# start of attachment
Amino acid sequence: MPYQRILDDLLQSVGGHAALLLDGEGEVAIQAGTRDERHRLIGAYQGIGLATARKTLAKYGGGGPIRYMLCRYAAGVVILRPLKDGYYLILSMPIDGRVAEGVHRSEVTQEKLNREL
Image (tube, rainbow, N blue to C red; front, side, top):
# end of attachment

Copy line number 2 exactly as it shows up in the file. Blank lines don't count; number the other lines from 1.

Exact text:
Image (tube, rainbow, N blue to C red; front, side, top):